“Dad, am I African?” A Digital Ethnographic Inquiry into the Identity of Second-Generation Nonimmigrant African High-School Graduates in the United States
Term of Award
Doctor of Education in Curriculum Studies (Ed.D.)
Document Type and Release Option
Dissertation (restricted to Georgia Southern)
Copyright Statement / License for Reuse
This work is licensed under a Creative Commons Attribution 4.0 License.
College of Education
Committee Member 1
Ming Fang He
Committee Member 2
Committee Member 3
Committee Member 3 Email
The purpose of this study was to examine how second-generation, nonimmigrant African high school graduates culturally identify, what type of curricular experiences inform their self-identity, and how that influences their social behavior and academic performance. The significance of this study is the attention it brings to the unique educational experience of second-generation, nonimmigrant African students and how that experience influenced their identity construction. My dissertation draws upon a wide array of works such as double consciousness (DuBois, 1903); Black racial identity development (Cross, 1991), and Postcolonial theory (Said, 1994; Bertens, 2007, Noye, 2019). I used digital ethnography (Pink et al, 2016) to become digitally immersed into their cultural activities and interviewed the participants as a means to examine the experiences of six second-generation, nonimmigrant high school graduates who are American born of African born parents. This study concentrated on answering three research questions: (1) How do second-generation, nonimmigrant African high school graduates culturally identify? (2) What are the thought processes that lead second-generation, nonimmigrant African high school graduates to identify themselves as being either African, African American, or American? (3) What kind of curriculum experiences informs how second-generation, nonimmigrant African High School graduates culturally identify? Five findings emerged from this inquiry which pertain to how the participants identify at various times periods throughout of their life, based on: (1) factors unique to the individual (i.e., familiarity, assimilation, rebellion); (2) their parents’ backgrounds, their American birthplace, and their interaction with Americans; (3) their peers; (4) influences that form their cultural identities, and (5) their view of cultures.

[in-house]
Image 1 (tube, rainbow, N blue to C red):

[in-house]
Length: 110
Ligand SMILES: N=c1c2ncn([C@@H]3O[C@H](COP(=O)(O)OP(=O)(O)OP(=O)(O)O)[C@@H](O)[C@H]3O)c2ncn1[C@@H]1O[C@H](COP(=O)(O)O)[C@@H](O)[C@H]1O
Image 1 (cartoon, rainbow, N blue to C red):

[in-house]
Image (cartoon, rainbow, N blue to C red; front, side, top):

Sodjago, Komivi M., "“Dad, am I African?” A Digital Ethnographic Inquiry into the Identity of Second-Generation Nonimmigrant African High-School Graduates in the United States" (2021). Electronic Theses and Dissertations. 2344.
Research Data and Supplementary Material